What to Expect From a Hand Transplant

Emily Fennell, UCLA's first hand-transplant recipient

Ann Johansson / Corbis / Getty Images


A hand transplant (vascularized composite allotransplantation, or VCA), is a total surgical replacement of the hand. The procedure is also sometimes referred to as composite tissue allotransplantation (CTA).

Both terms refer to structures within the hand, including blood vessels, nerves, cartilage, bone, tendon, skin, and muscle, that are united during a transplant.

A hand transplant might be considered when illness or injury results in severe structural, functional, and cosmetic deficits.

In severe cases that cannot be treated or rehabilitated using traditional reconstructive methods, a transplant may be the only way for someone to regain hand function.

After surgery, a transplanted hand needs rehabilitation treatment just as any other hand injury with nerve involvement would.

Bioethics, complications from immunosuppression, and the need for adequate nerve regeneration are other important issues regarding hand transplants.

Reasons for a Hand Transplant

Certain criteria must be met to be considered for hand transplant surgery. In general, the best candidates for a hand transplant are people who are:

  • 18 to 69 years old
  • In good overall health
  • Able to tolerate immunosuppressive drugs

Being in a good state of health increases the likelihood a person's body will accept the transplanted hand(s).

Candidates also need to:

The reason for the transplant is also an important consideration. In many cases, people who have lost a hand or even an entire arm live and function well with help from prosthetics. However, if a prosthesis does not work well, transplantation of a new hand or arm might be considered.

If your injury is severe, cannot be addressed with traditional reconstructive surgery, and you have met all the criteria, your healthcare provider may recommend a hand transplant.

Who Is Not a Good Candidate?

Hand transplants are revolutionary advances in the field of medicine, but the procedure is highly specialized and not widely available.

Additionally, not every person who has lost a hand or arm will be eligible for the surgery. For example, individuals who lack one or both hands due to a congenital (born with) cause or as a result of cancer are not considered good candidates for hand transplants.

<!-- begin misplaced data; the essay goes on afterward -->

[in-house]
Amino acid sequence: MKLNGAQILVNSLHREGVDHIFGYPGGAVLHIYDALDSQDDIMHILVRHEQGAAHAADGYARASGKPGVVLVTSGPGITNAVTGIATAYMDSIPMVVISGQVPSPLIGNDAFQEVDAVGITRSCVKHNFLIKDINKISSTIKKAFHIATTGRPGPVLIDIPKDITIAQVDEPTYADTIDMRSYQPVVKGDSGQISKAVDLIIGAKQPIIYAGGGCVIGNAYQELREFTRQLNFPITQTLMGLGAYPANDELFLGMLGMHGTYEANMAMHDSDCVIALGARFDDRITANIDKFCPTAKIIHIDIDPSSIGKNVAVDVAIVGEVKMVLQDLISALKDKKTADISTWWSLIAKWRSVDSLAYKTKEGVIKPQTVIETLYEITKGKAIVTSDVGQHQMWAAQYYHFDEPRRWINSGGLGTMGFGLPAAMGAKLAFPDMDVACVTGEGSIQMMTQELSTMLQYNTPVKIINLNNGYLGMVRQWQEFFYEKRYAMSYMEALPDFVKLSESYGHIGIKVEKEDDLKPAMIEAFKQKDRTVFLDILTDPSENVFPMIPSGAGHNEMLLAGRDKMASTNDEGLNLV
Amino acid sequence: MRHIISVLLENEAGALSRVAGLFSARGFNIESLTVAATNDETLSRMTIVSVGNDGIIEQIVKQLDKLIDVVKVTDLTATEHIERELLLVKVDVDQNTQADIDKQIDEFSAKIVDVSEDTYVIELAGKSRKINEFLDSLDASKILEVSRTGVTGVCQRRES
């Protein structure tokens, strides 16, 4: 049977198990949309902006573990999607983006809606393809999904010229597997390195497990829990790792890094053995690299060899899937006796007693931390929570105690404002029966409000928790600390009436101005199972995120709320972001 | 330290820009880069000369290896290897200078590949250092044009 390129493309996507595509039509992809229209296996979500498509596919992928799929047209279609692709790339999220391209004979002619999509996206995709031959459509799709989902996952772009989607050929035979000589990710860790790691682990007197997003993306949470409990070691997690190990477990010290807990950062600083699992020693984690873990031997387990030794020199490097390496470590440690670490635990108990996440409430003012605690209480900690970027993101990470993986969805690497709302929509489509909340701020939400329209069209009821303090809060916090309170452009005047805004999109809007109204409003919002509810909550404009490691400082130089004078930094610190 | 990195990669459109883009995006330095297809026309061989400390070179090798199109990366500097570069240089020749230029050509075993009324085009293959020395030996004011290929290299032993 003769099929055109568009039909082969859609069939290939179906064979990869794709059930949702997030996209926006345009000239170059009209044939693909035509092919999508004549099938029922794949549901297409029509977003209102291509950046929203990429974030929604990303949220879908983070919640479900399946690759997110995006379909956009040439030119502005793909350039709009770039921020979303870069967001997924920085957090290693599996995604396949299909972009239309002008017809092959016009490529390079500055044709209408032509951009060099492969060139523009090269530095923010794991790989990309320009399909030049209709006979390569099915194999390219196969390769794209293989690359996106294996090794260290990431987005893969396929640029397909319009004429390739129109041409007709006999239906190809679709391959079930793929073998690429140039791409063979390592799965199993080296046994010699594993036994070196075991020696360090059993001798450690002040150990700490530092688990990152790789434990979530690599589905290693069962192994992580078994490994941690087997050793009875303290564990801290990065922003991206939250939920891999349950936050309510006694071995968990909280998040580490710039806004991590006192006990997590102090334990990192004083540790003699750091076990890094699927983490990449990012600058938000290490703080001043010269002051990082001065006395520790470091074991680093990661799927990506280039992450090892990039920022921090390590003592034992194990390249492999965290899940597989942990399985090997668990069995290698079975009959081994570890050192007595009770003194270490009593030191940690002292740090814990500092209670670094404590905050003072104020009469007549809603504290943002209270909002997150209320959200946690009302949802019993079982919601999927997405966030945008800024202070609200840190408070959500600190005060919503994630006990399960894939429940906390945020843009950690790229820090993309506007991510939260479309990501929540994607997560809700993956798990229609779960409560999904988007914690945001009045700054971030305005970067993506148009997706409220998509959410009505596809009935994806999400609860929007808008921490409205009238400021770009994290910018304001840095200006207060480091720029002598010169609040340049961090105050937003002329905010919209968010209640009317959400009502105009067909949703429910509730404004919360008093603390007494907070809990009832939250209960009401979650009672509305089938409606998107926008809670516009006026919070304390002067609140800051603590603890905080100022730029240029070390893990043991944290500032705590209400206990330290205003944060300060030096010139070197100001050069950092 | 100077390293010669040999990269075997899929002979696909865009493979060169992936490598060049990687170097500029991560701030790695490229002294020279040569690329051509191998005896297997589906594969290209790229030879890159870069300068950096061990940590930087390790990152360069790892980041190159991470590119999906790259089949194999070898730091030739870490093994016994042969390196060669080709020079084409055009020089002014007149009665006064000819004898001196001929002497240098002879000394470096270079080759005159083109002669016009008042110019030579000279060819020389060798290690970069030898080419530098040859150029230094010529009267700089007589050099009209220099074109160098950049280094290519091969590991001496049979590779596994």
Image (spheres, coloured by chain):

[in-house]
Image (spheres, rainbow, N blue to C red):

If someone has lost their entire arm, they would not be able to have a hand transplant because they lack the bone, tissue, and muscle structures needed to support a newly transplanted hand.

Individuals who lose some or all of their fingers to an injury or illness are generally not considered candidates for hand transplants. However, if they have a relatively intact hand base they may qualify for reconstructive surgery.

Due to the risk of immunocompromise, people who are pregnant are not considered for hand transplants. Furthermore, patients who are selected must agree to refrain from trying to get pregnant for one year after the transplant.

Donor Recipient Selection Process

As with all donated organs, the donor blood and tissue type must match those of the intended recipient. Hands are external and visible, unlike vital organs that can be transplanted (such as the liver and lung), which makes the selection process a bit different.

The process of choosing a donated hand for transplant is more detailed and there is an emphasis placed on matching ethnicity, skin tone, gender, and size to ensure a natural fit.

Another factor to consider in donor selection is the presence of healthy nerves and muscles to assist in nerve regeneration and overall recipient acceptance.

After a healthcare provider has recommended and approved a candidate for a hand transplant, their name is added to the transplant waiting list. How long someone will be on the waiting list is highly variable: they may wait weeks, months, or even years.

According to the data collected in 2017, about 85 hand transplants have been completed worldwide. As global transplant programs evolve, the number of successful procedures is expected to rise.